This is a story of a man with multiple personality disorder. What makes it interesting, is that the personality dominantly portrayed in the book is from another planet and has vast insight into the human condition, as well as unexplainable and verifiable information on another world.

It isn’t clear whether this is a psychology book or science fiction. The reader is intentionally left hanging over the decision, as ever new data point clearly in one direction or the other.

I was drawn to this book after seeing the movie. Although I enjoyed the movie, it didn’t quite feel complete. The movie was fairly accurate to the book, but left out some details and the final chapter. The book explores several interactions with other patients of the psychiatric ward than the movie does, and provides a few new twists. It is worth reading even if you’re familiar with the movie.

*** Somewhat of a SPOILER follows ***

The book doesn’t give a clear answer to the questions raised – what is the truth of the patient? Is that a spoiler? I understand there is a sequel (or two even) which may provide clearer conclusions.

December 11, 2009

The Beasts of Tarzan by Edgar Rice Burroughs

Filed under: Uncategorized — Randolph @ 3:37 pm

The Beasts of Tarzan by Edgar Rice BurroughsThis is the third book in the Tarzan series. Tarzan and Jane’s son is kidnapped by Rokoff (from previous books) in an effort to seek vengeance against Tarzan. In this book, Tarzan tames Sheeta, the panther, and trains the apes to respond to his call.

It is good to read of Tarzan with his personal weaknesses, and his building relationships and skills that were used in the movies. This book is an adventure as Tarzan chases Jane and Rokoff, Jane chases her son and Tarzan while fleeing Rokoff, and occasionally their paths crossing unbeknown to each other.

December 9, 2009

Death Wish and Other Stories by Lawrence Block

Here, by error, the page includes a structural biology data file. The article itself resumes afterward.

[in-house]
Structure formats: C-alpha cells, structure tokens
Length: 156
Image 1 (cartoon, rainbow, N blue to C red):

Filed under: Mystery — Randolph @ 3:36 pm

Death Wish and Other Stories by Lawrence BlockThis book contains a collection of short stories by Lawrence Block. I wanted to like it. There are several short stories, each standing independently from the others. Each story starts an interesting mystery, they are well told. But the story stops just as the mystery is getting interesting. Nothing is resolved, no one gets caught, NOTHING. I had wondered if it was abridged and had a bad editor, nope, it wasn’t abridged.

This is a good one to skip.

December 7, 2009

Walking Shadow by Robert B. Parker

Filed under: Mystery — Randolph @ 3:35 pm

Walking Shadow by Robert B. ParkerAlthough I enjoyed this book, I’m still trying to sort it all out. There was a lot going on and I felt there should be a little more, yet all the ends seem to be tied up.

This book is one of a series involving a PI by the name of Spencer. He is a hard-boiled detective set in the present, along the east coast, but could be set anywhere. In this book, he is investigating the murder of an actor in a very bad play. The killer was present for a half hour, yet is not identified at the shooting. It made for an interesting twist. His investigation takes him into China town, where he runs into Tongs and deals with being an outsider.

The story is solid, he doesn’t make unsubstantiated intuitive leaps, nor lucky guesses. The characters are pretty well developed and are interesting, and the story is well told. The style reminded me of Ramond Chandler, a bit.

December 3, 2009

Heidegger and a Hippo Walk Through Those Pearly Gates: Using Philosophy (and Jokes!) to Explore Life, Death, the Afterlife, and Everything in Between by Thomas Cathcart, Daniel Klein

Filed under: Philosophy — Randolph @ 8:13 pm

Heidegger and a Hippo Walk Through Those Pearly Gates: Using Philosophy (and Jokes!) to Explore Life, Death, the Afterlife, and Everything in Between by Thomas CathcartThis is the third in a series of humor-focused philosophy books, this dealing with the matter of life and death. The authors use humor to drive points hope, with varying amounts of success. The book feels light, in spite of the weighty philosophical material. It is easy to read and digest, but I do question how much retaining power it has. It is an enjoyable and pretty fast read.